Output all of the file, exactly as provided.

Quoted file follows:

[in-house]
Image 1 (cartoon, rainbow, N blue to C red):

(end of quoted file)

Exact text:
[in-house]
Image 1 (cartoon, rainbow, N blue to C red):